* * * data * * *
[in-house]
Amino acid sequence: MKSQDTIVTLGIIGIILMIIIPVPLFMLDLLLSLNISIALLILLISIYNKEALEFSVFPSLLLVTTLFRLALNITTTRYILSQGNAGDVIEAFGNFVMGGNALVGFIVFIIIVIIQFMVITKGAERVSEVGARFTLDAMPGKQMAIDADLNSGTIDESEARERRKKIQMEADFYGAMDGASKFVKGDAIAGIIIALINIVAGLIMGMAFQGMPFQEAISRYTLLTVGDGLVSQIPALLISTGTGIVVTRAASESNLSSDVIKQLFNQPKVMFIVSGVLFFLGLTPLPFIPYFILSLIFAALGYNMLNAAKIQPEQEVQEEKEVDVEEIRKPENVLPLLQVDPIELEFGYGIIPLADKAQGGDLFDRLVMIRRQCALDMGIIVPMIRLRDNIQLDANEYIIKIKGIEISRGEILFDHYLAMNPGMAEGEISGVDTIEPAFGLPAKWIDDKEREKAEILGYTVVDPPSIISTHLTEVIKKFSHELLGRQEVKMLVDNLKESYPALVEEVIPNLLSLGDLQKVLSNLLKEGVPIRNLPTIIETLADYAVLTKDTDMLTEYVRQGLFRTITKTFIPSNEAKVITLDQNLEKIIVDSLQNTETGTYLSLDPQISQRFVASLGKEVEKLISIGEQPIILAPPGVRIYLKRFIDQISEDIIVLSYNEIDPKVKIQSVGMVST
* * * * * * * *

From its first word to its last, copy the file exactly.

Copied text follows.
[in-house]
Amino acid sequence: MKSQDTIVTLGIIGIILMIIIPVPLFMLDLLLSLNISIALLILLISIYNKEALEFSVFPSLLLVTTLFRLALNITTTRYILSQGNAGDVIEAFGNFVMGGNALVGFIVFIIIVIIQFMVITKGAERVSEVGARFTLDAMPGKQMAIDADLNSGTIDESEARERRKKIQMEADFYGAMDGASKFVKGDAIAGIIIALINIVAGLIMGMAFQGMPFQEAISRYTLLTVGDGLVSQIPALLISTGTGIVVTRAASESNLSSDVIKQLFNQPKVMFIVSGVLFFLGLTPLPFIPYFILSLIFAALGYNMLNAAKIQPEQEVQEEKEVDVEEIRKPENVLPLLQVDPIELEFGYGIIPLADKAQGGDLFDRLVMIRRQCALDMGIIVPMIRLRDNIQLDANEYIIKIKGIEISRGEILFDHYLAMNPGMAEGEISGVDTIEPAFGLPAKWIDDKEREKAEILGYTVVDPPSIISTHLTEVIKKFSHELLGRQEVKMLVDNLKESYPALVEEVIPNLLSLGDLQKVLSNLLKEGVPIRNLPTIIETLADYAVLTKDTDMLTEYVRQGLFRTITKTFIPSNEAKVITLDQNLEKIIVDSLQNTETGTYLSLDPQISQRFVASLGKEVEKLISIGEQPIILAPPGVRIYLKRFIDQISEDIIVLSYNEIDPKVKIQSVGMVST